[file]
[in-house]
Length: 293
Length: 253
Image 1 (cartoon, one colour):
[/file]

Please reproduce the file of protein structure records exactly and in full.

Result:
[in-house]
Length: 293
Length: 253
Image 1 (cartoon, one colour):